AWM established the Louise Hay Award to recognize outstanding achievements and contributions in any area of mathematics education. While Louise Hay was widely recognized for her contributions to mathematical logic and for her strong leadership, her devotion to students and her lifelong commitment to nurturing the talent of young women and men secure her reputation as a consummate educator. The annual presentation of this award is intended to highlight the importance of mathematics education and to evoke the memory of all that Hay exemplified as a teacher, scholar, administrator, and human being.
Each Fall term at the University of Michigan there are over 120 sections of the mainstream pre-calculus and calculus courses. With approximately 30 students enrolled in each section, this requires about 115 instructors, (graduate students, new assistant professors and visitors) at least 50 of whom are not familiar with Michigan's mathematics program. Pat Shure has developed a training program, called the Professional Development Program, which occupies the entire week before classes start and continues throughout the year. Some of the topics that are covered include cooperative learning, homework teams, interactive lecturing, and writing. During the first week, each new instructor gives a short lecture which is videotaped and then critiqued by a group of peers. During the semester, there are follow-up visits to the classrooms. The material that she has developed has been published by Wiley under the title of The Michigan Calculus Program Instructor Training Materials and has been instrumental in training new instructors not only in Michigan, but also at universities throughout this country and in Canada.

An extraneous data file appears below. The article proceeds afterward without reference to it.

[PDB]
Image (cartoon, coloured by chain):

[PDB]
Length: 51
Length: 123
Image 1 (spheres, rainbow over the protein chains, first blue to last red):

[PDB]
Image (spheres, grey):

In 1982, Pat was hired by the University of Michigan as the Mathematics and Science Director of its Comprehensive Studies Program, a program whose main purpose was to support underrepresented minority students. She designed, directed, and taught in the special intensive classes which the program offered. She was also in charge of their pre-freshmen summer "bridge" programs. Since then she has been promoted to the position of regular lecturer in the mathematics department where she oversees the Introductory Program.
Throughout her career she has worked to attract young women into mathematics. In the early 1990's she was a co-investigator of a five-year Sloan Foundation project which sought to identify factors which influence women to do advanced work in mathematics and physics.
She has been involved in curriculum reform since the early 1960's. At the University of Michigan she was a co-investigator of a five-year NSF grant. The investigators designed and evaluated a series of instructional strategies to incorporate graphing calculators, writing, cooperative learning, and systematic testing of symbolic skills into first year undergraduate mathematics courses.
Glenda Lappan, who is president of the National Council of Teachers of Mathematics, has known Pat for over twenty years. She writes: